The story of the desert boot varies by the teller. It is said that the original modern-day chukka was worn by polo players. The desert chukka, however, was the footwear of British soldiers in the campaign in Northern Africa during World War II, inspired by men who wore similar boots at the bazaars in Cairo and the Dutch South African “vellie,” a field shoe worn in the 1700s. In the years after the war, the desert boot become popular footwear in the U.K., and eventually emerged as the boot of the counterculture. As the story goes, they were worn by Parisian students during the demonstrations against capitalism and consumerism in May of 1968. The city’s students sparked a social revolution that encouraged millions of factory workers to go on strike for two weeks until then-President Charles de Gaulle called for new parliamentary elections.
I took the walkway near the elementary school and the church, across the tracks and into town, ordered a black coffee at a shop at the crossroads, sat on the stone seats under a trellis in the middle of the village, and considered great walkers who had done what I was now doing, marching off to feed the soul—William Wordsworth, Dickens, Thoreau, Kierkegaard. And the great travel writers, too—Paul Theroux, Pico Iyer, Robert Macfarlane, Bruce Chatwin, Hunter S. Thompson. What shoes did they wear? What boots got them where they were going?
A few nights before, my wife and I had attended a special Vincent van Gogh exhibit in Chicago., the one making the rounds around the world, an immersive experience created with nearly a million projected digital pixels across the walls and floor, transporting the viewer inside the artists’ works. With that night still reverberating, and my mind on my old boots, one of van Gogh’s less-celebrated paintings came to mind.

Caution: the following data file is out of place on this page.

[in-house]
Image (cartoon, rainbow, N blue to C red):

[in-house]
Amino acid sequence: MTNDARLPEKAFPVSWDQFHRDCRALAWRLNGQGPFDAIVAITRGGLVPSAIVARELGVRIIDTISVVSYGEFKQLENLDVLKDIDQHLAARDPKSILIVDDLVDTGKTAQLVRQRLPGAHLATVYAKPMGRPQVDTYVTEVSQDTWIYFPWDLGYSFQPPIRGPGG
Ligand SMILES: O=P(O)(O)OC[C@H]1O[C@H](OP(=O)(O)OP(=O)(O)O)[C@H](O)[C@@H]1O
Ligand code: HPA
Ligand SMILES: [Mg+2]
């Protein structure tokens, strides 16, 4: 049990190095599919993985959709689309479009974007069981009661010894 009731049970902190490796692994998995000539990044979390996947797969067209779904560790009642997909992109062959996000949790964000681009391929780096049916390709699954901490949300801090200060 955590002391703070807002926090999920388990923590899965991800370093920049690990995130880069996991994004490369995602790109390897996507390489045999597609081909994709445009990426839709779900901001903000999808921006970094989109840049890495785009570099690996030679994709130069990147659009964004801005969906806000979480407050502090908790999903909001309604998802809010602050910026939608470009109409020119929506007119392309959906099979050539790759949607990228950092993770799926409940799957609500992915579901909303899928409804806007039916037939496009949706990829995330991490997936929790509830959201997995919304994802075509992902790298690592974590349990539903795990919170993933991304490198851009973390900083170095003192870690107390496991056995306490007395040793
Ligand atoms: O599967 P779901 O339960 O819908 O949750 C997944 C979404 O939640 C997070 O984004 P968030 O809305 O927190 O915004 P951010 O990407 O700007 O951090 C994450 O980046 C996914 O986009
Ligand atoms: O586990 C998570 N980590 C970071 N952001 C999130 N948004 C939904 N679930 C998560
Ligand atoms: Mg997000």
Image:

Vincent van Gogh painted several still lives of shoes and boots during his Paris period. But A Pair of Shoes is the most recognized. It’s believed he bought the workman's boots at a flea market to use as the focal point of a considered work, but after finding them in better condition than he had hoped, he wore them on long walks in the rain, breaking down the stiff leather to something soft, pliable, and fully weathered. Only then were they worthy of painting.
My desert boots—with so many years on them, with the suede blotched and scraped, with the soiled soles—had become worthy, too. They had captured thousands of steps in a life, holding my feet secure to the ground, helping to propel me to something new and linking me to the familiar. These boots have been on my feet longer than any other pair of shoes I have owned, been mine longer than any article of clothing in my closet, with me longer than some of the people I love. These boots are my story. These boots are me.
On the way home, with the sound of morning birds in the branches above and the rap of a distant woodpecker, a light rain began to fall. Not enough to force me to rush or to take shelter, but for a moment, I worried. If it began to rain harder, it would not be best for my boots. I quickly dismissed the thought and whispered to myself, “Go ahead. Let it rain.”